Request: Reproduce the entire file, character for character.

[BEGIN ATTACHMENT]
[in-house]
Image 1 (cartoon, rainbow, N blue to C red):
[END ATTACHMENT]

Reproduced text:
[in-house]
Image 1 (cartoon, rainbow, N blue to C red):